As for Bach, there’s masses – and also oratorios, particularly of the seasonal variety – but worth a particular mention is the Bach Unwrapped festival at Kings Place in London, which gets going just before the start of the new year and will continue throughout 2013. And talking of Baroque music, there will be no shortage of Messiahs this Christmas – we’re already listing 43 for this period, from Cardiff to Malvern to New York. Prepare yourself.
He still doesn’t count as a stalwart of the concert hall, but Arnold Schoenberg is set to enjoy a busy few months – twice as busy, in fact, as this time last year – and it’s not just the better-known pieces like the First Chamber Symphony (on at BOZAR with Lothar Koenigs) which are getting heard: his curious choral work Friede auf Erden is getting an airing in Stockholm, in the unlikely company of Poulenc and Respighi. His arch-rival Stravinsky fares rather better, with 11 performances of The Rite of Spring (that’s more than of the Pastoral Symphony) and – maybe more interestingly – several enticing renditions of the Symphonies of Wind Instruments, including one in Brussels in piano transcription.
Mahler is having a very different time of it to this time last year, when his First and Ninth Symphonies were the most performed: this Autumn the top ones are the Fifth – in San Francisco, Stockholm, and also Manchester with the BBC Philharmonic and Juanjo Mena – and the Second, which is getting a thorough workout on both sides of the Atlantic. There’s also a tasty-looking Das Lied von der Erde with the Tonhalle Orchestra in Zurich, with soloists Susan Graham and Christian Elsner.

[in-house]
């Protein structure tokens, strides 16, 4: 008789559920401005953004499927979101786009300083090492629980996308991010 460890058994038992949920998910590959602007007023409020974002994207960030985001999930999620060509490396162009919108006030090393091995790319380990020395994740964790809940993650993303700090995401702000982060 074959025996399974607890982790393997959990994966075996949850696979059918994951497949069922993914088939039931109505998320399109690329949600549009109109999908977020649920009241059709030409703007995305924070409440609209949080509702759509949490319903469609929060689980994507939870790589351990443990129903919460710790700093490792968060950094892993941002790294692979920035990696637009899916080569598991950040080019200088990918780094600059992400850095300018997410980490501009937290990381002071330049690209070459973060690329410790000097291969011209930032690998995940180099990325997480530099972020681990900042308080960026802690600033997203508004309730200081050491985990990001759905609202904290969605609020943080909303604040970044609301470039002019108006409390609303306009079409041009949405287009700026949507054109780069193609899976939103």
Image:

Among contemporary composers, Jörg Widmann stands out as being particularly well represented: there are several performances scheduled at the Amsterdam Concertgebouw, a work at the Berwaldhallen in Stockholm, and his Violin Concerto played by Christian Tetzlaff with the Berlin Phil. Hans Werner Henze has fewer performances, but they’re all good ones – movements from his Requiem in Cardiff and his piece Die Basseriden with the Tonhalle Orchestra Zurich both look fascinating. James MacMillan is receiving a number of performances, including his orchestral piece The Sacrifice with Boston Symphony Orchestra under Stéphane Denève.
Cellist Truls Mørk will be all over Europe in the next few months, and playing concertos from Haydn at the Southbank Centre in London to Saint-Saëns at the Oslo Concert Hall, where he is Artist in Residence. Alisa Weilerstein is even busier, playing everywhere from Nottingham to New York. Among the violinists, Joshua Bell is hitting the tour-bus hard, and you can catch him in Cardiff, Boston or Philadelphia.